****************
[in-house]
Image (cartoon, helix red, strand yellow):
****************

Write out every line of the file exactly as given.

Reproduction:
[in-house]
Image (cartoon, helix red, strand yellow):